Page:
Deportees returning to Yemen and Ethiopia have reported ill treatment, including physical abuse and poor conditions at holding centers before they were expelled, the International Organization of Migration, an international agency, said.
When millions rushed to rectify minor visa infringements earlier this summer, government departments appeared unprepared, causing vast numbers of people to queue in temperatures of 40 celsius, some for more than 24 hours.
The government has dismissed allegations of abuse and chaotic policymaking as a foreign “smear campaign”, saying it welcomed expatriates who abide by the rules, and that 250,000 Saudis have gained jobs as a result of its crackdown.
The human impact of making way for them has reverberated across the world. In Yemen, Ethiopia, Pakistan, Indonesia and India, politicians have voiced concern about the fate of their citizens in the kingdom. Egypt, Sri Lanka and the Philippines are all affected too.
“I‘m going back with literally nothing. All that I earned here has been spent on raising my children,” said Abdul Kareem Shamshudeen, 53, who returned to the Indian state of Kerala last week after illegally doing odd jobs in shops for 20 years.
The impact has even been felt in other wealthy oil-exporting Gulf nations, which also have large expatriate populations and where many of those leaving Saudi Arabia now want to seek work - including Yunus, if he cannot go back.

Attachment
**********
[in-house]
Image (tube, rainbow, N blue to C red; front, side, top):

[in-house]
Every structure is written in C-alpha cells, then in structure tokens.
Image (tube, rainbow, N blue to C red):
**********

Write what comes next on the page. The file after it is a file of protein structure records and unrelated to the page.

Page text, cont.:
“I‘m always hopeful there will be another chance,” he said.
Although official unemployment among Saudis is around 12 percent, economists estimate up to two thirds are not in the labor force. Those who do work mostly have government jobs, the absolute monarchy’s way of spreading oil wealth and buying social peace, and tend to support large extended families.
While the world’s top exporter now enjoys large surpluses, economists say a rising population and growing domestic energy consumption mean the burden of creating work must move to the private sector for the economy to continue to thrive.
The cost for many migrant workers has been high. In the poor south Riyadh neighborhood of Manfouha, an Ethiopian man was killed in a confrontation with police during a visa raid. Days later, local anger spilled into clashes between Ethiopian migrants, riot police and some Saudis, leaving three dead.
Ahmed, the returnee to Addis Ababa, said gangs of Saudis attacked Ethiopians and raped Ethiopian women. Saudis said Ethiopians had started the riot, rampaging through Manfouha with knives and sticks.
“I gave myself up. I was afraid of getting killed,” he said.
For the millions of expatriates remaining in Saudi Arabia, many of whom are still thought to be in breach of residency laws, the crackdown inspires gallows humor.
A comic song called Ja Jawazat, “Passport department is coming”, has attracted a million views on YouTube. Faez Choudhary, a Pakistani national who wrote the song, was born and raised in Saudi Arabia and works at a Riyadh shopping mall.
“I want to help other expatriates, especially those born here, understand this is our country as well,” he said.
“I myself feel like a Saudi, sometimes.”
Additional reporting by Stephanie Nebehay in Geneva; editing by Philippa Fletcher